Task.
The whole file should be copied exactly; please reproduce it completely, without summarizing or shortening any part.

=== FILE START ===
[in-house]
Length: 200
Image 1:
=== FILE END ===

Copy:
[in-house]
Length: 200
Image 1: